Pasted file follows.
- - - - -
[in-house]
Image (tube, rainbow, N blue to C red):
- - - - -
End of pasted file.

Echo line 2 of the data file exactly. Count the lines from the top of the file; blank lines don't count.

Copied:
Image (tube, rainbow, N blue to C red):